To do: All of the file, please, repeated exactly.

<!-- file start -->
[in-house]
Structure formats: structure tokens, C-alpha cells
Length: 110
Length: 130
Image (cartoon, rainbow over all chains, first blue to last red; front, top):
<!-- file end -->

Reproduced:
[in-house]
Structure formats: structure tokens, C-alpha cells
Length: 110
Length: 130
Image (cartoon, rainbow over all chains, first blue to last red; front, top):